- Minimize the amount of user data on the desktop systems and standardize the system image. This will reduce the amount of time an employee spends reconfiguring a new system. Standardization also helps when you implement a backup strategy. Backing up one server rather than ten desktops is much cheaper and a great deal simpler.
- If the system is more than three or four years old, replace it. New desktops cost less than $1,000. You will spend more time and money in lost productivity just determining the problem, if you don’t replace aging hardware in a timely manner.
- Consider a longer repair cycle agreement with your hardware maintenance vender. The difference between a four-hour and a 48-hour response agreement can be substantial.
- Research the hardware manufacturer’s mean time to repair record. Even though desktop systems are increasingly commodities, there are still large differences in reliability between vendors when it comes to timely repairs.
When building a hardware maintenance strategy, start by determining your requirements for up time and tolerance for risk. If you have designed your desktop environment well, by either providing on-line systems backup (for your mobile users) or maintaining user data on the servers, you can treat your desktop systems like nearly dumb terminals.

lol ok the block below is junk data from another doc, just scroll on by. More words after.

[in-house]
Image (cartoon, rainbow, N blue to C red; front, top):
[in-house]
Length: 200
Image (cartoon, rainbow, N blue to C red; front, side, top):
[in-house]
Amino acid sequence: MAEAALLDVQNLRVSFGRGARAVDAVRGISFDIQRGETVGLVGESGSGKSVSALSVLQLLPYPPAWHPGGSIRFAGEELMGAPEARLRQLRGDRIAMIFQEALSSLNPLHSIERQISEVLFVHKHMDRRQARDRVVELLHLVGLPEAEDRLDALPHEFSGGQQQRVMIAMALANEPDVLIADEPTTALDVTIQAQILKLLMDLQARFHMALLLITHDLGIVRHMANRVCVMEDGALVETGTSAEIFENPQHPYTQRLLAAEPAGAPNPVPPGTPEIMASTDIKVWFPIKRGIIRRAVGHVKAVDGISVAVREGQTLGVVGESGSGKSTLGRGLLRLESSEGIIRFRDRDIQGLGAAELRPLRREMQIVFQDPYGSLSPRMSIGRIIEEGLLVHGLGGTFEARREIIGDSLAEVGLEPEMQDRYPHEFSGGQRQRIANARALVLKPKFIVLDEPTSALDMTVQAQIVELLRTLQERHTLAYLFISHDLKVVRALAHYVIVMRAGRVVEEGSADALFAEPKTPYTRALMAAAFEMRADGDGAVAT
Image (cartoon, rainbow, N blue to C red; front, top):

If you are willing and able to wait for your repairs by using on-site spare parts, hot backups, and standardized configurations, you can cut your hardware maintenance costs drastically.
Beth Cohen is president of Luth Computer Specialists, a consulting practice specializing in IT infrastructure for smaller companies. She has been in the trenches supporting company IT infrastructure for over 20 years in a number of different fields including architecture, construction, engineering, software, telecommunications, and research. She is currently consulting, teaching college IT courses, and writing a book about IT for the small enterprise.